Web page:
The amendments will align the position in Scotland to that in England and Wales. This will give greater assurance to disabled people that, when they require a wheelchair-accessible taxi or private hire vehicle, the driver will assist them to enter and exit the vehicle and, if they decide to remain in the wheelchair while travelling in the vehicle, will ensure that the wheelchair is secure and safe and that they travel in reasonable comfort.
Amendment 120A is in the name of my noble friend Lady Wilkins. Taxi licensing and provision is a complicated area, and steps to improve access to taxis for disabled people are always welcome. It is unacceptable that a licensing authority which controls taxi numbers can routinely refuse applications for wheelchair-accessible taxis when it has very few wheelchair-accessible taxis in the district or, indeed, none at all. This new clause provides an ideal means of enhancing accessible taxi provision in these areas.
I thank my noble friend Lady Wilkins for her amendment, which is compatible with the aims of the Bill and has the effect of improving accessibility for disabled people. In making any regulations under this clause, the Government would, of course, consult interested parties before reaching a decision on the proportion of taxis which must be wheelchair accessible and on the specifications of the wheelchair which taxis must be capable of accommodating. Therefore, the Government will accept Amendment 120A.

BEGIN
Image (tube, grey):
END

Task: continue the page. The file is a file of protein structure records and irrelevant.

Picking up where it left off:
I now turn to Amendment 120 and the legitimate points raised by the noble Lord, Lord Hunt. I have already mentioned the issues of safety and the appropriate provision to be provided in taxis and licensed vehicles. The noble Lord raised a very reasonable point about safety and taxis. This is not in my notes but it should be. I have already mentioned that checks on safety are included and would be included in the regulations that arise out of my noble friend's point. I will undertake to ensure that the issue is properly addressed in the regulations and guidance which arise out of these provisions. I shall also write to the noble Lord and the Committee on this matter. From the wisdom that is offered to me from time to time, I can say that vehicles used for taxis are tested in accordance with European safety regulations and those requirements include crash testing. They must also be designed to accommodate wheelchairs safely in rear-facing orientation. We have taken that on board.